6. lastwaltzer Says:

    Yo YO Yo, Been mad busy at work training a new guy in, so couldn’t black board all day, its been killing me. Are we allowed to talk about the movie or are we showing respect for others?

  7. kayatosh Says:

    drop, cram for test, take the test, forget it all afterward


  8. snowbank Says:

    Speaking of tripping, here is a very bad trip… from today’s Bham Herald:

    “An 18-year-old driver has pleaded guilty to fatally striking a pedestrian on Chuckanut Drive on Jan. 1 and then fleeing the scene without calling 911.
    Sean F. Crissy pleaded guilty to charges of vehicular homicide and hit-and-run fatality in Whatcom County Superior Court Monday, April 19. He was sentenced 41/2 years in prison.
    Crissy was driving a van south on Chuckanut Drive near its intersection with Sea Pines Road at about 6 p.m. when he struck Mark S. Christian, 54, from behind as he was out for an evening walk.

    Christian lived in the 2000 block of Fairhaven Avenue. A police officer found his body off of Chuckanut Drive, south of Sea Pines, at about 10 p.m.
    Whatcom County Medical Examiner Gary Goldfogel determined that Christian died of blood loss from head injuries. Goldfogel couldn’t determine if Christian would have survived if Crissy had called 911 instead of fleeing.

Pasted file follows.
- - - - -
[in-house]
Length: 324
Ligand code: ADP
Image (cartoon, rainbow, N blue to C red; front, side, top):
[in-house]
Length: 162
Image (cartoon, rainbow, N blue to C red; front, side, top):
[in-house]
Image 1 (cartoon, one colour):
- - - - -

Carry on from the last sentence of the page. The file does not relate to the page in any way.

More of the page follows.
Christian, who worked as a real estate appraiser, left behind a wife and two children, according to his obituary.
    According to charging documents filed in court:
    Crissy told police he had been drinking at parties in Bellingham for New Year’s Eve and consumed a large quantity of psilocybin mushrooms that night.
    He stated he continued to drink heavily the next day and reported feeling effects of the drugs until 3 to 4 p.m.
    Crissy drove to a convenience store on Fairhaven Parkway at 5 p.m., bought cigarettes and then continued driving to Chuckanut Drive.
    At about 6 p.m., he received a text message and started reading it as he drove. He said he remembers striking something with the passenger side of the van.
    The officer who found Christian reported seeing a trail of debris from the southbound lane’s shoulder to Christian’s body.
    Crissy continued driving and abandoned the van in Arroyo Park. In text messages and statements to friends, Crissy said he knew he had done something wrong and that he was going to go to prison.
    Officers located him at a friend’s house the next day and arrested him.”

    That is my worst nightmare…

  9. lastwaltzer Says:

    and no willowed, Phish in 3D will not make the SPAC lawn sound better, hell it didn’t make phish at Festival 8 sound better.